Bowler hats: Mad Men and Magritte

As ever, I am completely captivated by Mad Men’s latest series. This particular sequence from the Season 7 premiere (when Don departs his plane and meets Megan in a frosty-blue baby-doll dress) is especially memorable. While many have rightly pointed out the similarity that this scene bears to the opening sequence of The Graduate, I cannot help but see a little Magritte at work here too as Don descends into an anonymous rush of suited and capped men:mad men season 7 1 draper 2 draper 3 draper 5 draper 4mag1The Masterpiece/Mysteries of the Horizon, 1955, Rene Magrittemag2Decalcomania, 1966, Rene Magritte son-of-man-1964(1)Son of Man, 1964, Rene Magritte

And as I am on the subject of Mad Men, here’s one for, well, everyone: anyone who dismisses Mad Men as ‘slow’, boring, as having no development, and ‘nothing happens’ and equally, for those who already appreciate the wonder of Mad Men as it is, and simply want to learn a little bit more about why it is the special way it is:

“…They were uncomfortable with a movie like The Godfather or a story like the Odyssey, where the only thing holding the events together is the characters. Now, there’s this monster, this obstacle, but there’s no real progression—the hero just keeps trying to get home. Sure, Michael Corleone starts off as a young war hero and ends up as the godfather, but the wedding takes up the first half hour of the movie. People liked to talk about “act breaks” and “rising action” leading to a climax, but what about Apocalypse Now? Someone’s on a journey, and sure, we’re heading toward a climax, but there are so many digressions. To me, those digressions are the story…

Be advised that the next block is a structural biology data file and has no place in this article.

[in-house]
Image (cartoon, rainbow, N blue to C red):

…People would say to me, What’s holding this together? Or, How is this moment related to the opening scene, or the problem you set up on page 15? I don’t know. That’s where the character went. That’s the story. So many movies in the seventies are told this way, episodically, and they feel more like real life because you don’t see the story clicking…

…I liked episodic structure and I thought it worked. I still think it works. At the time I was especially interested in Billy Wilder and Fellini. I liked their grasp of tone, the way the movies are both funny and dark. You’re always scared and laughing and on the verge of tears somewhere in the middle of these movies. I could watch Sunset Boulevard and 8 1⁄2 over and over again. Everything you need to know about writing is in those two movies. How to tell a story, where to start the story, whose point of view it’s from, at what point you leave their point of view, when you should see a character in a scene by himself or herself—all this shit that drives you nuts when you’re trying to structure something. And then, the fact that there are no rules. That’s what both movies are saying—there are no rules, the audience is not as rigid as you think, and certainly not as rigid as the people paying for the movies to get made…”

Mad Men creator Matthew Weiner on his early cinematic influences and the importance of episodic structure, in interview with The Paris Review, Matthew Weiner: The Art of Screenwriting No.4


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